Pros: Delightful range of wonderful recipes; incredible feast of tips and tricks
Cons: None that we could find
Rating: 5 out of 5
Review copy courtesy of The Taunton Press.
Thanksgiving dinner is a tradition for my husband and I. Normally we don’t worry that much about holidays, but when we lived in Boston it was fun to collect up those friends who couldn’t make it home for “turkey day” and feed them at our apartment. We tended to bring together about 5-10 people and made waaay too much food, but that was kind of the point. Now we might not have the huge numbers of people to feed, but we still enjoy finding creative ways to enjoy turkey and the trimmings. Only this year, we’re trying out the latest book to cross our field of vision a bit early, so you’ll be able to pick it up in time for your own feasting if you like the sound of it. It’s a great sacrifice, dear readers, but we’re prepared to make it—for your sakes.
I’m totally failing at sounding serious, aren’t I? Ah well, I never did have a good poker face! Read on for the details of our pre-Thanksgiving experiment with How to Cook a Turkey: And All the Other Trimmings from the editors & contributors of Fine Cooking.
I’ve read plenty of books that included tips for planning a large dinner, or hints for cooking a turkey, etc. This is the first book I’ve found that has been this thorough. There are tips in here I haven’t seen anywhere else (except maybe in a couple of the online articles we posted a few years back)—I certainly haven’t seen all of this information collected in one place before. Whether you need to know how much turkey to buy for your number of guests, or how long to cook a given turkey, or how to ensure that your serving day will be as relaxed and reliable as possible, it’s in here. If you make a tradition out of any kind of recurring large dinners, I highly recommend reading through the materials in this book.
Since we’ve made a ton of turkeys and have pretty much got that down pat (barring unexpected oddities—everyone has an off year), we had to try something new. Thus we ended up making the turkey that’s roasted with bacon strips on top, glazed with maple syrup, stuffed with a cornbread, cranberry, pear, and wild rice stuffing, and served with pan gravy (which, of course, includes cider, pear, and maple/bacon drippings). When you make something like this, you know one of two things will happen: either you’re going to be disappointed, or you’re going to be very, very happy. With those kinds of ingredients there isn’t much room for a middle ground. Let’s just say we were definitely not disappointed! We both love the savory/sweet combination of flavors, and this recipe delivered.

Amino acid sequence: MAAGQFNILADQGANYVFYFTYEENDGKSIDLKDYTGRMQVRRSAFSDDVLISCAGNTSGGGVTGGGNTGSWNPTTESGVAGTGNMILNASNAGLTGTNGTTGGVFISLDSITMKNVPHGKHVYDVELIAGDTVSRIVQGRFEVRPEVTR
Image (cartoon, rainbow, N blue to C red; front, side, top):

The “ultimate fluffy mashed potatoes” were surprisingly so. They included tips to help you avoid gluey or gummy potatoes, and they included a couple of surprising ingredients (lemon zest? Who knew?!).
The cookbook is great about trying to avoid providing too many oven-based recipes, since oven space will be at a premium, particularly when you’re roasting. We tried a “slow-cooked” broccoli, pancetta, and garlic stovetop recipe that came out particularly well. Despite the minimal amount of effort & ingredients, it was incredibly flavorful.
By far my favorite dish, however, was the cranberry-pear salsa. I was dubious about a cranberry relish-type recipe that used raw cranberries, not to mention bell pepper and hot pepper. But it’s sweet-tart and divine, using both honey and sugar to bring the flavors together! In fact, we might have to make another batch. Hmm…
There are of course some recipes in here for what you might do with turkey leftovers. We decided to try a recipe for turkey cakes with a roasted tomato salsa, because it seemed quite different from the usual fare of faux-Mexican food or soups. What impressed me most about it is that it used flavors and textures that are radically different from the ones you’ll typically find in your Thanksgiving dinner, so it’ll seem new and different after several nights of leftovers.
But dessert—dessert was absolutely the star of the show. Believe it or not, the white chocolate* souffle cakes with chocolate raspberry sauce were surprisingly easy to make. And because they can be refrigerated for up to two days before baking, you just pop them in the oven at the last minute! They form a delicate, divine cakey-puddingy white chocolate dessert, with a tart bittersweet chocolate-raspberry sauce on the bottom. I think I might have died and gone to heaven when I had the first one.
The book is filled with tips and a plethora of creative recipes, and we didn’t have any problems with any of it. The tips are far more thorough than those in other books I’ve tried, the layout is easy to read and make sense of, and beautiful photographs help you through some of the recipe steps.
Add to that the absolutely delightful results, and I don’t think you can go wrong with this one!
*I highly recommend Green & Black’s organic vanilla-flavored white chocolate for ANY recipe calling for white chocolate. We’ve tried a wide variety of white chocolates, and it’s the only one I’ve found that doesn’t taste at least a little bit chalky. However, you might have to reduce any vanilla extract in any recipe you use it in. It also makes awesome “hot chocolate”: Microwave a cup and a half of half-and-half and whole milk until almost boiling; whisk a bar of chopped up G&B white chocolate in until it dissolves; add a tablespoon or two of your favorite liqueur if desired. Serves 2.
[Hey FTC---this is my own opinion. The cookbook is a review cookbook, but this isn't an endorsement, and I've never gotten anything from G&B. I just adore their chocolate.]